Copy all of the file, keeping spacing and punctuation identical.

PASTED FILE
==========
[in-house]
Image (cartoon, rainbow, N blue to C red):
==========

[in-house]
Image (cartoon, rainbow, N blue to C red):